Getting the nutrients we need to stay healthy is important at every age, and the needs of our bodies change over time. As we age, we make less of some naturally-occurring nutrients, like Coenzyme Q10 (CoQ10) , leaving it up to us to fill in those gaps.1 Plus, it’s a good time to add support in other areas too if you haven’t already, like calcium to keep our bones strong, supplements to help keep joints healthy and more.
Your 50s are a great time to take a closer look at your overall wellness needs and embrace some healthy additions to your self-care routine for supporting wellbeing into the future. Here are our expert picks in supplements for women in their 50s.
#1 CoQ10 for Cellular Energy & Heart Health
Your body makes some CoQ10, but production declines with age, and low levels of CoQ10 have been linked with cardiovascular concerns.1 Plus, CoQ10 plays a key role in converting food into energy.1,2
CoQ10 supplements support cardiovascular health in many important areas.1,2 It’s also beneficial for people taking statins because CoQ10 may help reduce the muscle-related effects of statins.2
When shopping for a CoQ10 supplement you’ll notice that there are two types available—ubiquinol and ubiquinone. Ubiquinol is the active form of CoQ10, and your body converts ubiquinone into ubiquinol.2 They are both great options, but some experts say that younger people may get more benefits from ubiquinone, and older people may benefit more from ubiquinol, potentially because as we age our bodies may lose the ability to make ubiquinol from ubiquinone.2
#2 Turmeric for Cognitive Health & Digestion
Turmeric, and a carotenoid within turmeric known as curcumin, pack in a wealth of wellness benefits for women in their 50s—from cognitive support to promoting healthy joints, circulation, digestion, skin and more.3 Many of those benefits are attributed to the powerful antioxidant effects of curcumin.4
Research has shown that high-absorption Theracurmin® curcumin supplements may have a positive impact on memory, mood and attention.5 And the vitamins, minerals, antioxidants, and phytochemicals in turmeric have a soothing effect on the gastrointestinal system and provide support for digestion. 3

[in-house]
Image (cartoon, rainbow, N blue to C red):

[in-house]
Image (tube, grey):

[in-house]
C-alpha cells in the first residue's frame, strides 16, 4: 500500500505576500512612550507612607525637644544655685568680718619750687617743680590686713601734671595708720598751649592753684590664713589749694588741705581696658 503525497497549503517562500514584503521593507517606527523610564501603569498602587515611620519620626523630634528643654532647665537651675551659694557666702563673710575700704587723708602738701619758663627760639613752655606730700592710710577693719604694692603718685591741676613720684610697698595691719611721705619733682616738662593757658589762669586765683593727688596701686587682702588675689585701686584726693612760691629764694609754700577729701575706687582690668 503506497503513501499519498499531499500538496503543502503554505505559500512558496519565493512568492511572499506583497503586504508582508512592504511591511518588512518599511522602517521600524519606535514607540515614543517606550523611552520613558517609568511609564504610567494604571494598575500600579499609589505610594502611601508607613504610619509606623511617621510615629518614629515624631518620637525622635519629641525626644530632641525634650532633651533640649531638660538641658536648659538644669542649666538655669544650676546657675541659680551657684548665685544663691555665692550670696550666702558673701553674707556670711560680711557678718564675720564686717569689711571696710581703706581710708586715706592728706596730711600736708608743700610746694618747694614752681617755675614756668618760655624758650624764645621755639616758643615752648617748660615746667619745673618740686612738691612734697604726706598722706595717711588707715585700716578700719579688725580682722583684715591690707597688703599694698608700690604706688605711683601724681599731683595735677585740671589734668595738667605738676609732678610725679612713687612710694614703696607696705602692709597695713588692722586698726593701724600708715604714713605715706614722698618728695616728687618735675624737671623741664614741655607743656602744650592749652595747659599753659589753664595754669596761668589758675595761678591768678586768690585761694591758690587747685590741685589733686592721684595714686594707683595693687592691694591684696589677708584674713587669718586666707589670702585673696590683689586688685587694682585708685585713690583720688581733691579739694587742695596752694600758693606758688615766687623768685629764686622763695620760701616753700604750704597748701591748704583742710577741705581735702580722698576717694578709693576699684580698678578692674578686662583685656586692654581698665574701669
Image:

With so many potential benefits, turmeric is an obvious choice for your wellness routine in your 50s. If you want to learn more about the benefits of and differences between turmeric and curcumin supplements, read Turmeric vs Curcumin: What is the Difference?
#3 Calcium for Strong Bones & More
Did you know that your entire skeleton is replaced approximately every ten years?6 To do that your body reabsorbs old bone while creating new, and if you don’t get enough calcium in your diet, or if you don’t absorb enough calcium from the foods you eat, your body might not make enough of the strong, new bone you need to stay healthy.6
In general, bone mass or bone density tends to decrease as we get older, especially for women after menopause, due to a loss of calcium and other minerals.7 And a decrease in bone density can make us more vulnerable to injuries and other health concerns.6 That’s why it’s so important to get enough calcium throughout life, and it’s especially important for women in their 50s. Calcium is also needed for the healthy functioning of our heart, muscles and nerves.8
Try supplementing your diet with a highly-absorbable Calcium Citrate supplement to help build and support strong bones in your 50s and beyond, but taking calcium supplements alone may not be enough. Keep reading to learn about some important nutrients that affect how your body absorbs calcium.
#4 Vitamin D3 for Calcium Absorption & Immune Function
Experts recommend taking vitamin D supplements with calcium because vitamin D plays a role in calcium absorption, making it an essential nutrient for optimal bone health.9 Vitamin D promotes both calcium absorption in the gut and helps maintain adequate calcium and phosphate levels needed for new growth and remodeling of bones.10
Without adequate vitamin D levels we won’t absorb enough calcium from the foods we eat, so the body may start taking calcium from stores within our bones, which weakens the bones and affects future bone development.8 Vitamin D also supports immune function, modulation of cellular growth and more.10
Despite its many vital roles in maintaining health, research suggests that most Americans don’t have adequate levels of vitamin D.11 Keep your levels up with a vitamin D3 supplement, which may be twice as effective as D2 for raising your vitamin D levels.12
You can read more about the benefits and food sources of vitamin D, plus how much you need in Say Hello to the Sunshine Vitamin: Top Foods High in Vitamin D.
#5 Magnesium for Stress & Overall Wellness
Magnesium is another important mineral that plays a role in calcium absorption, but it does a lot more too. In fact, magnesium is involved in hundreds of process in our bodies including muscle and nerve function, protein synthesis, energy production and more.13